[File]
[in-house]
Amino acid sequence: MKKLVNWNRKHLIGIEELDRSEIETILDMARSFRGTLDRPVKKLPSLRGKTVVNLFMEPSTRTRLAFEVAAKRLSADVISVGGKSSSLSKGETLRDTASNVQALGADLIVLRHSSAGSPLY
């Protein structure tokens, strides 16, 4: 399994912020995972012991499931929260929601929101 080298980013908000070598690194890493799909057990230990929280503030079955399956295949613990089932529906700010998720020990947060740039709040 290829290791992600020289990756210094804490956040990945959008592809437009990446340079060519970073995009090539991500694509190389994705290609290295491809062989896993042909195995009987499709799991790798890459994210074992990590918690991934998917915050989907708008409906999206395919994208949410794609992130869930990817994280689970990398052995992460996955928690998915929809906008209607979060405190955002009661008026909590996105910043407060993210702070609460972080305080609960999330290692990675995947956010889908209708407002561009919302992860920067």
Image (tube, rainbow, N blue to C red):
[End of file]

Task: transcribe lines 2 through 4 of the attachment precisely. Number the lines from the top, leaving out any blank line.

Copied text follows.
Amino acid sequence: MKKLVNWNRKHLIGIEELDRSEIETILDMARSFRGTLDRPVKKLPSLRGKTVVNLFMEPSTRTRLAFEVAAKRLSADVISVGGKSSSLSKGETLRDTASNVQALGADLIVLRHSSAGSPLY
């Protein structure tokens, strides 16, 4: 399994912020995972012991499931929260929601929101 080298980013908000070598690194890493799909057990230990929280503030079955399956295949613990089932529906700010998720020990947060740039709040 290829290791992600020289990756210094804490956040990945959008592809437009990446340079060519970073995009090539991500694509190389994705290609290295491809062989896993042909195995009987499709799991790798890459994210074992990590918690991934998917915050989907708008409906999206395919994208949410794609992130869930990817994280689970990398052995992460996955928690998915929809906008209607979060405190955002009661008026909590996105910043407060993210702070609460972080305080609960999330290692990675995947956010889908209708407002561009919302992860920067």
Image (tube, rainbow, N blue to C red):